Generally, the water-soluble extracts using the above extraction methods contain many impurities, such as inorganic salts, pigments, monosaccharides, oligosaccharides, and proteins, which interfere with the structure determination of LBPs. Therefore, effective measures have to be adopted to further purify the above crude LBPs. Hydrogen peroxide, as a chemical reagent, is widely applied in depigmentation and the Sevag method is frequently applied in deproteinization for their simple procedures [33]. Subsequently, the methods for LBP purification can be performed by membrane separation (e.g., ultrafiltration and microfiltration), column chromatography (e.g., gel filtration chromatography, ion-exchange chromatography, affinity chromatography, and cellulose column chromatography), and chemical precipitation (e.g., fractional precipitation with ethanol) alone or in combination [27][33]. Of note, column chromatography is most commonly used in these methods [27]. Five arabinogalactan fractions (LBP1~5) from crude LBPs (extracted by water at room temperature) were separated by DEAE-cellulose chromatography [34]. Afterwards, LbGp1 with a molecular weight of 49.1 kDa was isolated and purified from LBP1 by Sepharedax G-100 column chromatography in yields of 0.018% [22]. Similarly, another five fractions (LRP1, LRP2, LRP3, LRP4, and LRP5) were also isolated from crude L. ruthenicum polysaccharides (extraction by 70 °C water) on DEAE-Cellulose-52 anion-exchange column followed by gradient elution in one previous studies [35]. Subsequently, LRGP1 (Mw 56.2 kDa) and LRGP3 (Mw 75.6 kDa) were further purified on Sephadex G-100 column in yields of 0.003% and 0.008%, respectively [35][36]. Moreover, LBP3b (Mw 5 kDa) was purified from crude LBPs extracted with hot water (60 °C) using DEAE-cellulose column and Sephadex G-150 column, which was identified as glucan [24]. In addition, a novel arabinogalactan LBP1A1-1 (Mw 45 kDa) was purified from L. barbarum on DEAE Sepharose Fast Flow column and Sephacryl S-200 HR column in yields of 0.1% [37]. These studies have indicated that the polysaccharide fractions purified by column chromatography are difficult to investigate for the activities in vivo, as well as the structure–function relationship due to low yield and complex operation. Then, one group developed fractional precipitation with 30%, 50%, and 70% (V/V) ethanol to purify arabinogalactan in yields of 0.38%, which was simpler and more efficient than column chromatography [17].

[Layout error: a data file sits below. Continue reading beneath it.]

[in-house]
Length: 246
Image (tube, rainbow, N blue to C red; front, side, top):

2.2. Structure of LBPs